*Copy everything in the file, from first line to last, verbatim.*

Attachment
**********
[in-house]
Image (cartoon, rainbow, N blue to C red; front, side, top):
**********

[in-house]
Image (cartoon, rainbow, N blue to C red; front, side, top):